Leafs goalie Quinn Yeager made 22 saves Saturday in a loss to the Nitehawks. Photo: Tyler Harper

Nelson Leafs get dose of reality in loss to Nitehawks

The 2-1 defeat snapped Nelson’s four-game winning streak

Any championship aspirations after one good month of hockey by the Nelson Leafs suddenly look painfully premature.

The Leafs may be atop the Neil Murdoch Division, but they looked like pretenders to the throne in a 2-1 loss to the reigning KIJHL champion Beaver Valley Nitehawks on Friday at the Nelson and District Community Complex.

Beaver Valley looked every bit like title contenders in the win. The Leafs? They looked overwhelmed.

“B.V. showed up and played a full 60 minutes,” said Nelson forward Logan Wullum. “We probably played about 40 of it.”

Even 40 minutes might be optimistic.

Wullum had the lone goal for Nelson (6-2-1), which had a four-game winning streak snapped and lost for the first time since their second game of the season on Sept. 9. Quinn Yeager meanwhile made 22 saves in Nelson’s net.

Nelson had opened the season with a 1-0 win against the Nitehawks, but that team had just 13 players on the bench at the time. Nearly a month later the Nitehawks are at full strength and looked every bit the perennial contenders they have been for years.

Leafs head coach Mario DiBella said he wasn’t surprised by the result.

“You have to respect a team that lost in overtime of the Western Canadian Championship,” said DiBella. “When they come out to play they come prepared and they always play for 60 minutes.

“We, unfortunately, did not come to play the first part of the game and consequently gave up opportunities. We were selfish when playing team defence coming out of our zone and gave up two goals that were easily avoidable, both from how we move the puck to how we supported the puck.”

Bradley Ross and Aiden Browell scored for Beaver Valley (5-3-1), while Owen Sikkes stopped 19 shots.

Wullum said the younger players in the locker-room may have been flying a little too close to the sun before the puck dropped.

“They’ve only been around a winning team so they don’t understand how hard a team like B.V. is, a top team in the league and how they can come out and actually dominate us,” said Wullum. “It was in our heads a bit, being in the top spot, I think we took that for granted.”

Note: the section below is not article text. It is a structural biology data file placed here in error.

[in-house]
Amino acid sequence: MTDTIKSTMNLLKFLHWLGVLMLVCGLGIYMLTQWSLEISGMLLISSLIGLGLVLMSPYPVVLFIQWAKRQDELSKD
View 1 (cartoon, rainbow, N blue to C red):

Beaver Valley drew first blood 13 minutes into the game. Ross had the puck in the slot when he managed to slip through a hole in the Leafs’ defence and slide a shot past Yeager’s pads.

The score was nearly 2-0 with a minute to go. Nitehawks forward Damon Kramer was wide open when he took a pass with Yeager out of position. But with nothing but net in front of him Kramer whiffed and the puck completely missed what should have been an easy tap into the net.

No one on the Nitehawks bench was mourning Kramer’s missed chance after the second period began. They needed just a minute and a half to go up by two when Blake Sidoni found Browell on a pass behind the net for a bang-bang goal.

Yeager kept the score from getting worse a short time later with a big save. A Leafs defender slipped and fell, coughing up the puck to a lone Nitehawks forward, but Yeager wasn’t fooled on the deke.

Beaver Valley continued to press and kept the Leafs from setting up on offence in a physical period that often seemed to go the way of the visitors.

Leafs defenceman Brent Headon said he thought the team had a habit of panicking whenever it had the puck.

“I don’t think we were prepared enough. We came out flat-footed and probably should have worked a lot harder and not underestimating them as much.”

A scary moment occurred with 2:30 left to go before the period ended. Kramer had to be helped off the ice by two teammates after he took a hit to the head by Nelson’s David Sanchez, who got two minutes and a 10-minute misconduct for the infraction.

Yeager saved the Leafs again early in the third. Dylan Heppler, who entered the game third in league scoring, broke loose and went one-on-one with Yeager. Heppler was hooked by Dash Thompson, but was only just barely denied by the outstretched toe of the Leafs’ goalie.

Wullum took advantage of a lax Nitehawks defence on the ensuing power kill. He collected the puck and whipped a back hand that was too heavy for Sikkes to handle, cutting the deficit to one.

Nevertheless, the goal still did little to invigorate the Leafs, who were stifled by Beaver Valley’s blueliners.

Nelson’s best chance was denied by a huge Sikkes’ save with a minute to go in regulation. Sanchez was in the corner when he found Ryan Cooper in front of the net. Cooper got a shot off only for it to go wide after Sikkes dove forward with a stick check.

DiBella said he hoped the loss was a learning opportunity for a team that, up until Saturday, had been overwhelming opponents.

“It’s an opportunity for the players to show what they’re made of,” said DiBella. “Hockey isn’t a game that builds character, it exposes character. Some players respond well to the adversity and others shrink and aren’t seen. Those that rise to the occasion are going to be rewarded and those that don’t won’t see ice.”

Leaflets: Nelson is back home Saturday night for a game against the Spokane Braves.

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